♦Welcome to another edition of the Open Book Blog Hop!♦
“I write because I don’t know what I think until I read what I say.” – Flannery O’Connor.
Authors have many reasons to write. Why do you write what you write?
Welcome back to another Open Book Blog Hop! The authors included in this ongoing series wish to thank you for your reads. We appreciate, even more so, when you share our writings with your friends. If you’re new to the series, welcome aboard. The authors engage and impress weekly. Prepare to become a regular reader.
Why do I write? It’s a fair question and not unfamiliar. People often wonder what is it that root of a storyteller’s gift. There’s a lot down there. Just like soil is made of hundreds of seemingly similar particles, so are the pieces of why we write. They may be interrelated or completely unrelated. Whatever is behind it, however, is what makes each writer and their voice unique. And, that is why there is room for all of us writers.
I write because I used to read a lot and I never found a book that quite told the story that I wanted to read, so I decided I would do it myself. Searching for the perfect book made me weary. I found a lot of books I loved. I watched a lot of films I also love. However, not one of them quite hit the spot. Nothing would fit the bill like writing exactly what my own mind desired.
You might be wondering now if I managed to hit the spot with my own work. While I love the exhilaration of writing a new story, and putting it out for public consumption, the whole process–I’m still writing because there was never just one story for me to tell. Each one hits different. Every title hits the spot in it’s unique space.
Outside of this, there are other reasons to write. For instance, I wrote the trilogy because, as I mentioned previously, I had these dreams about another world since I was a kid. When I reached adulthood, and started to examine them more closely, I saw a story develop. Then, of course, this realization pushed on my mind to create the novels. I started out with a script, so I wouldn’t loose the detail I had discerned. Yet, that wasn’t enough. More dreams and years later, greater detail, more answers to questions, a clearer picture evolved.
There was a lot of research to do, as well. As you know, the series deals with multiple mythologies and belief systems. Trying to get them to agree and find where they did agree, where they diverged, and all the other details took time. I’m glad I knew at the time that I penned the script, that I wasn’t prepared to write this as a novel. I am still unsure I was when I did, but I felt stronger than ever about the story. It felt like time.
Above all, I write because I know that I share a lot in common with my fellow human beings, as far as tastes in stories (books or film or pop culture). Therefore, I believed that the effort of writing my stories down and going through the publishing process was worthwhile. There had to be others out there like me who wanted to read these stories. I couldn’t just leave them locked up in my head. Although they had come to my brain, I suspected that they weren’t just for me.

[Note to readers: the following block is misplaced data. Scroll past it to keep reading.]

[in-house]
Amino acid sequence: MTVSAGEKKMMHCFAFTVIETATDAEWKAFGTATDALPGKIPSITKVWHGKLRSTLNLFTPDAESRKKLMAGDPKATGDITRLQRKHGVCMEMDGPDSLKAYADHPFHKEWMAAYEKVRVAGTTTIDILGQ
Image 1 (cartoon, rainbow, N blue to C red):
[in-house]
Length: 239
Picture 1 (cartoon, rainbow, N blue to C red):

Trailokya, for instance, is hitting a time where a great many people are awakening to their roots and seeking information on the sacred, stories about the paranormal, and the connections a story (fiction) can bring to them on the topics. The series is timely, not just a trek through science fantasy (dark fantasy, paranormal, or horror). It’s an adventure that illustrates a lot of the ideas that people are coming to. It tells them, hey, someone else out here is going through this too. This story wouldn’t exist if they weren’t. You’re not alone.
Stories exist to create connection in cultures. The world is shedding the old borders as humanity struggles to come together and connect more deeply. Old wounds are being healed. New paths are being forged. I write to meet these changes and help foster those connections. Am I successful? I have no idea. You’ll have to tell me well after I’ve left this world, and if my work remains and is examined by scholars. If someone is still reading the series, hopefully still published by my heirs, then I think maybe I have been successful in fostering those connections.
I can hope.
Let’s hop on over to the other author’s pages and see what they have to say about why do I write?
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Stevie Turner says
Like you I write the kind of stories I’d like to read myself. It’s always a bonus if somebody else likes them too!
Captain Maiel says
So true, and it’s what keeps me going.
P.J. MacLayne says
“Stories exist to create connection in cultures.” I never thought of it this way, but I love the idea. If you study the creation story in many cultures, you can discover many common threads. I wish they were used to create connections instead of being used to keep us apart.
Captain Maiel says
Those connections are so important, and I think vital to our species. Storytelling is as old as humanity.
I’ve seen that answer about writing because we haven’t seen the perfect (to us) book yet a few times before in the hop. It’s a great reason to write!
Captain Maiel says
Thanks, Astrid! 🙂 I agree. If you don’t see the book you’d like, write it! Definitely something I tell others who want to be writers. It’s a great place to start.